During the Trial of Gotovina et al before the International Criminal Tribunal for the former Yugoslavia, Reynaud Theunens compared Operations Mistral 2 and Storm in his capacity as an expert witness for the prosecution. Theunens pointed out that civilian property and infrastructure at less risk in the aftermath of Operation Mistral 2, as Gotovina had issued much more strict orders in that respect, establishing companies specifically tasked with security and imposing a curfew in Jajce.[38] The HV and the HVO sustained losses of 74 killed and 226 wounded in the operation.[39]

In 2007, Croatian authorities received information that the commanding officer of the 7th Guards Brigade, Brigadier Ivan Korade, had ordered the killing of VRS prisoners of war during the offensive.[40] Charges of war crimes were brought against seven soldiers of the brigade, specifying that they executed Korade's orders to kill one VRS prisoner and one unknown man in the village of Halapić near Glamoč, and four VRS prisoners in the village of Mlinište. Five defendants were convicted and the remaining two acquitted in October 2011. Two of them were sentenced to six years in prison, one of them to five years and the remaining two to two years' imprisonment.[41] Korade was never tried, as he committed suicide following a standoff with police officers who sought to apprehend him in relation to a quadruple murder committed in late March 2008.[42] In 2016, Bosnian Serb officials filed a criminal complaint against the Croatian Minister of Defence, Damir Krstičević, alleging that he and other high-ranking Croatian officials had committed war crimes during the offensive.[43] Bosnian authorities were also investigating Krstičević for crimes committed in Jajce and Donji Vakuf.[43] On 13 September 1995, a bus convoy of Serb civilian refugees moving towards Jajce were fired upon in the village of Bravnice, before being hit with a rocket-propelled grenade and set on fire, killing 32 people. Nine Serbian POWs were also killed.[43][44]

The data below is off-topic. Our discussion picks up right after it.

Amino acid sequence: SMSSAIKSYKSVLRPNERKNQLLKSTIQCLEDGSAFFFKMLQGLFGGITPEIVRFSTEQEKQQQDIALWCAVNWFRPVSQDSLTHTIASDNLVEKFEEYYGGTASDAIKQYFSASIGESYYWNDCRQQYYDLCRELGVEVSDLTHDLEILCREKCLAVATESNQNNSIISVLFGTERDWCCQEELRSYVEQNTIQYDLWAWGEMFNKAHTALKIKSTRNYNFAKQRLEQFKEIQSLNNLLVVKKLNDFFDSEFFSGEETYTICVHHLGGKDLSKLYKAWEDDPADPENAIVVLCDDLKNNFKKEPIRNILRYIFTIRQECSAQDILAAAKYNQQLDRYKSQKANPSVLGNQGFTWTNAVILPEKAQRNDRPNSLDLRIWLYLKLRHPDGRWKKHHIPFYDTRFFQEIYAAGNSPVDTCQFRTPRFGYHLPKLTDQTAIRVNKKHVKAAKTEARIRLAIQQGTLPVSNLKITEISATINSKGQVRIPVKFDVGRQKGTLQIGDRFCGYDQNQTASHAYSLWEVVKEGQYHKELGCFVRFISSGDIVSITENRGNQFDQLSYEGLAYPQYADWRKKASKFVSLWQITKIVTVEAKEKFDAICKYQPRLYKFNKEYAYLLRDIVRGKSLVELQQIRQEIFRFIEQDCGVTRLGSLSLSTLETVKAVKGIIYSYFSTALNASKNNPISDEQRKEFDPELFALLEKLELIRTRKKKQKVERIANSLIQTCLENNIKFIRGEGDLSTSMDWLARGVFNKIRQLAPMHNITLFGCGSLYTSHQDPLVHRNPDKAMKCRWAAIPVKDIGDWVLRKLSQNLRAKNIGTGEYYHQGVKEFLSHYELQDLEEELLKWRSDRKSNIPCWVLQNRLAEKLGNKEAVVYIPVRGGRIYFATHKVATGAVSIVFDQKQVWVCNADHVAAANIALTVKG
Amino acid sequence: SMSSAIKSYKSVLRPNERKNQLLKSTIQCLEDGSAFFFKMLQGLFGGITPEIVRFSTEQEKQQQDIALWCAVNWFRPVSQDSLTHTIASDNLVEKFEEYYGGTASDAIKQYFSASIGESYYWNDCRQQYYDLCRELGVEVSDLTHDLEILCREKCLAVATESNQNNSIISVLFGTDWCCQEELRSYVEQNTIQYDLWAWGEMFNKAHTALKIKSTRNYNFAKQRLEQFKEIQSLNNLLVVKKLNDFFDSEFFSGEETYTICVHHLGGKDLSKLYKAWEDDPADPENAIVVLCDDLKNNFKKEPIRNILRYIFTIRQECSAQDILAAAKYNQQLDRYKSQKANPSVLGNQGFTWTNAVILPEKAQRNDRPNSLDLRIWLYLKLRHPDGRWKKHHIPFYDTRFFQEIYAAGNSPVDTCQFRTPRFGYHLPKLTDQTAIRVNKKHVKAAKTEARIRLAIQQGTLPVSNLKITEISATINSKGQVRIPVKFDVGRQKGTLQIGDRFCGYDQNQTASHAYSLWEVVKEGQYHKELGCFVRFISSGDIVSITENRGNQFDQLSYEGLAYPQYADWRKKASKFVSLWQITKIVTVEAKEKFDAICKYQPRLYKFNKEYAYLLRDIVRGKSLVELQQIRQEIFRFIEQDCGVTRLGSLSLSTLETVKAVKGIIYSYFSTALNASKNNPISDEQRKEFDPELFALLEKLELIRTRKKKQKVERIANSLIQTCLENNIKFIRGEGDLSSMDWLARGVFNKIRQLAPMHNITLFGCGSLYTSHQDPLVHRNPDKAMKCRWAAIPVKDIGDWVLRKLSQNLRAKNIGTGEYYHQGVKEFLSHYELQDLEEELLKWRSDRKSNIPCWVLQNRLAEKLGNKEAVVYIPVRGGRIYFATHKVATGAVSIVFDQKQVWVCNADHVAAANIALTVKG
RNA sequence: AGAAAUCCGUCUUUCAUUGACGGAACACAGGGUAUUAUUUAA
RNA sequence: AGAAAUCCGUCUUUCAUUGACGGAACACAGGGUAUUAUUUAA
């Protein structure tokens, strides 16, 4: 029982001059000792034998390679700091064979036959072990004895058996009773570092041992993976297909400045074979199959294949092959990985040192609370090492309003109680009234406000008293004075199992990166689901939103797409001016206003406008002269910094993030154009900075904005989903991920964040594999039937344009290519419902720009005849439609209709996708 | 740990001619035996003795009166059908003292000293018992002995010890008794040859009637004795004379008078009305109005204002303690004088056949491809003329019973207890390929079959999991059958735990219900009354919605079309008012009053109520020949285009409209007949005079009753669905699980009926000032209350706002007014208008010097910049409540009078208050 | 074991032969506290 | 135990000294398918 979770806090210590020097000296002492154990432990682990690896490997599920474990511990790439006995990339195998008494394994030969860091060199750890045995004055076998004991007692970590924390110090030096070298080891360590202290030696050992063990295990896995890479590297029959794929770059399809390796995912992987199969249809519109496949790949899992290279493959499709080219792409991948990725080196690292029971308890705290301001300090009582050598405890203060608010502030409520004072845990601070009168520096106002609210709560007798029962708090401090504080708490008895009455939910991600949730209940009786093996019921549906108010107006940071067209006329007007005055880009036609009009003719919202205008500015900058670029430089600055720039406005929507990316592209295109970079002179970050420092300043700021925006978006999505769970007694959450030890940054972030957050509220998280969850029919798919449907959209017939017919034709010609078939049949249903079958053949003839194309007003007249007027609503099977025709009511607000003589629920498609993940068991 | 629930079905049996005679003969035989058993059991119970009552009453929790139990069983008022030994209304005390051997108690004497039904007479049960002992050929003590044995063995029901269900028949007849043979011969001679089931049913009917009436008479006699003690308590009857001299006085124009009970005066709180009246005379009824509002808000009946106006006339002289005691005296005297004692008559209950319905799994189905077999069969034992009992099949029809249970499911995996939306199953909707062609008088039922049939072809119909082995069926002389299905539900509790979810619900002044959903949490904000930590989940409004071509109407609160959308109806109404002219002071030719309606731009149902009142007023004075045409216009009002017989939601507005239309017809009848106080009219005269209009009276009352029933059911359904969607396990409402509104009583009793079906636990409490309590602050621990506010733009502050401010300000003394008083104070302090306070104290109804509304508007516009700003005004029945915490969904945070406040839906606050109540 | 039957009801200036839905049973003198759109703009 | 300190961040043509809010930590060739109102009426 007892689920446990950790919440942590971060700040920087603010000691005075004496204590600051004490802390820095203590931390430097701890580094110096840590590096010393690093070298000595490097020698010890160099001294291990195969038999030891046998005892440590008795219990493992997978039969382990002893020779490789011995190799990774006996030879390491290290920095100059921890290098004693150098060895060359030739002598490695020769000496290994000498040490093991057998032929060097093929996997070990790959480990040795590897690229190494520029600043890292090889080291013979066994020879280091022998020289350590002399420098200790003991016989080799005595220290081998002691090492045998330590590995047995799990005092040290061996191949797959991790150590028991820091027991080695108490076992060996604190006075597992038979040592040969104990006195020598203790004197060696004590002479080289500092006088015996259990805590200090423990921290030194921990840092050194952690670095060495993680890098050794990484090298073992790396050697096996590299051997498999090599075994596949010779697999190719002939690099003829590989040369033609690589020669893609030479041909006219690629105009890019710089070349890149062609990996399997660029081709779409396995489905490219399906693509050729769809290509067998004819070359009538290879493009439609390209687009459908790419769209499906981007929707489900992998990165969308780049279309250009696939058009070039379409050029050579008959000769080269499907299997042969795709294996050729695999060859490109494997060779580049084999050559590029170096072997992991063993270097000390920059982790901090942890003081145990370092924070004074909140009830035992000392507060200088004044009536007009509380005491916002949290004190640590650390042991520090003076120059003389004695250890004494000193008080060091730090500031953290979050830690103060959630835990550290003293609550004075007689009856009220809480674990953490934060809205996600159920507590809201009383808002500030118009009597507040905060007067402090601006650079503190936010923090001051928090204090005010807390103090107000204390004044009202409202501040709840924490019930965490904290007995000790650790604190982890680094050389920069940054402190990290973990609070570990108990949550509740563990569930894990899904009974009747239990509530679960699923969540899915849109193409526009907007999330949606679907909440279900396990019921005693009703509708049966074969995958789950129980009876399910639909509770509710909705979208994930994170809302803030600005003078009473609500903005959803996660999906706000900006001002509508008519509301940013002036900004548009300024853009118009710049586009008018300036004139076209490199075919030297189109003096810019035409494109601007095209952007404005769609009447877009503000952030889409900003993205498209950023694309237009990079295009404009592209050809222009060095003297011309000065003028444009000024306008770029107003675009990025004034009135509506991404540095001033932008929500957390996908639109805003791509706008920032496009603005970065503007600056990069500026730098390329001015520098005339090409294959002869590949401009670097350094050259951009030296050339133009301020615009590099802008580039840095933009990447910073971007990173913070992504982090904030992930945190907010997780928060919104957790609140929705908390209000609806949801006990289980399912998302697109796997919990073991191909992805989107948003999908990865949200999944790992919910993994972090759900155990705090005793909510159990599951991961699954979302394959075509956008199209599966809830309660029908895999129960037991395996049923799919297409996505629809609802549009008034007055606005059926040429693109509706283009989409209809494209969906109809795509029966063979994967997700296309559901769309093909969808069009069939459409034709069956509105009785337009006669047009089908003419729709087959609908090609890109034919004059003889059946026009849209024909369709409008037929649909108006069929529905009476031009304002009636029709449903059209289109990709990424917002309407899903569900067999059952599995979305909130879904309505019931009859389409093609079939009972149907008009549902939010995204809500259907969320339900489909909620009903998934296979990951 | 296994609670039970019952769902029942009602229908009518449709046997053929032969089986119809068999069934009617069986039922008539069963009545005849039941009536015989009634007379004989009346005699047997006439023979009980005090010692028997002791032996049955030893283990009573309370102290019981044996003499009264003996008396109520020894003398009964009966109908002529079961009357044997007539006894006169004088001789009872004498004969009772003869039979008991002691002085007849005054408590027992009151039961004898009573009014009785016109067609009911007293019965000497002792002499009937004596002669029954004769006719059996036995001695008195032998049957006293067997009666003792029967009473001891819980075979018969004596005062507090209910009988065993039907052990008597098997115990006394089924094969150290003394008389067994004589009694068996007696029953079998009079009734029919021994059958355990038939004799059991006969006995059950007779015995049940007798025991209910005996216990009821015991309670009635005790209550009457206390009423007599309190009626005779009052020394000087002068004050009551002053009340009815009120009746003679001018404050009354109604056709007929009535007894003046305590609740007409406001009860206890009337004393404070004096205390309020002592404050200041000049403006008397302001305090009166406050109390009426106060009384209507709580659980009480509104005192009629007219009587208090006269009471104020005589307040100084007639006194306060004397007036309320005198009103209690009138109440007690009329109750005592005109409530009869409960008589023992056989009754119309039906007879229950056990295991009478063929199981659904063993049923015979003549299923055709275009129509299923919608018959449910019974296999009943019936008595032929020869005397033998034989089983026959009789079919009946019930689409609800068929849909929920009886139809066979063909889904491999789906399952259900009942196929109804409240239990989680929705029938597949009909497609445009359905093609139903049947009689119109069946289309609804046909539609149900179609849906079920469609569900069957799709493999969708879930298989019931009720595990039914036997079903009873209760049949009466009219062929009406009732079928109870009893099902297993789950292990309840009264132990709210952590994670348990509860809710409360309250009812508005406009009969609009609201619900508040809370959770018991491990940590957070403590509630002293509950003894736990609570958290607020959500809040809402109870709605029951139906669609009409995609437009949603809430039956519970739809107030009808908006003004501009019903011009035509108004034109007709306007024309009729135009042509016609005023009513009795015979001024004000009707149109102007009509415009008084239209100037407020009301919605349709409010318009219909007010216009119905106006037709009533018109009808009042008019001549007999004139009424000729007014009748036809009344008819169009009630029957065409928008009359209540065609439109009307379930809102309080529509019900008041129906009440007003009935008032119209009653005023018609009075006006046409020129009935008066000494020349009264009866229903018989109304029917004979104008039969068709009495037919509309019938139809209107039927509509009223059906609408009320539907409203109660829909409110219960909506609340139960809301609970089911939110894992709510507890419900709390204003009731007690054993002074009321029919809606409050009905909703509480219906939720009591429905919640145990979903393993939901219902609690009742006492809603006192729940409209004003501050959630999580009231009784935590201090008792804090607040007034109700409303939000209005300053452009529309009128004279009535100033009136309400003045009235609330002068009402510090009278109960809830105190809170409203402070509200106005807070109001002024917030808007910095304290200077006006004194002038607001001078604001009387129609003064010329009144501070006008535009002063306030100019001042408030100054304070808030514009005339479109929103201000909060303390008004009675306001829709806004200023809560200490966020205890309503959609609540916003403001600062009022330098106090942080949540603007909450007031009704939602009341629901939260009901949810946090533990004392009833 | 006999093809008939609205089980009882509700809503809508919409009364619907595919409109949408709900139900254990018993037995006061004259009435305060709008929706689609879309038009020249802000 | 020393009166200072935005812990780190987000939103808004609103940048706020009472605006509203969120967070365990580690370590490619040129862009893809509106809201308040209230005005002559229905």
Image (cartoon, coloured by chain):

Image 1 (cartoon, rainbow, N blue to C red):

1. ^ Ramet 2006, p. 382.
  2. ^ a b Ramet 2006, p. 427.
  3. ^ Ramet 2006, p. 428.
  4. ^ a b CIA 2002, p. 136.
  5. ^ a b CIA 2002, p. 137.
  6. ^ CIA 2002, pp. 143–144.
  7. ^ Bellamy 10 October 1992.
  8. ^ Burns 12 May 1992.
  9. ^ Ramet 1995, pp. 407–408.
  10. ^ CIA 2002, p. 299.
  11. ^ CIA 2002, pp. 376–377.
  12. ^ CIA 2002, p. 377.
  13. ^ CIA 2002, p. 378.
  14. ^ Ripley 1999, p. 133.
  15. ^ a b CIA 2002, p. 379.
  16. ^ a b c d e f CIA 2002, p. 380.
  17. ^ a b Ripley 1999, p. 200.
  18. ^ Toal & Dahlman 2011, p. 133.
  19. ^ CIA 2002, p. 418, n. 643.
  20. ^ CIA 2002, p. 418, n. 644.
  21. ^ a b CIA 2002, p. 419, n. 662.
  22. ^ a b c d e f g h i j k CIA 2002, p. 381.
  23. ^ CIA 2002, p. 418, n. 649.
  24. ^ CIA 2002, pp. 380–381.
  25. ^ a b c d CIA 2002, p. 382.
  26. ^ CIA 2002, p. 419, n. 659.
  27. ^ CIA 2002, p. 419, n. 660.
  28. ^ a b O'Connor 14 September 1995.
  29. ^ a b Toal & Dahlman 2011, p. 134.
  30. ^ O'Shea 2012, p. 170.
  31. ^ CIA 2002, p. 391.
  32. ^ CIA 2002, p. 395.
  33. ^ CIA 2002, p. 396.
  34. ^ Owen 2010, p. 219.
  35. ^ RTRS 4 August 2010.
  36. ^ Beelman 13 September 1995.
  37. ^ Kennedy 14 September 1995.
  38. ^ Slobodna Dalmacija 24 November 2008.
  39. ^ Tuđman 15 January 1996.
  40. ^ Toma 3 April 2008.
  41. ^ CPNVHR 11 February 2014.
  42. ^ NBC News 3 April 2008.
  43. ^ a b c Milekic 11 November 2016.
  44. ^ B92 22 November 2016.


News reports
Other sources

44°20′34″N 17°16′06″E / 44.342827°N 17.268268°E / 44.342827; 17.268268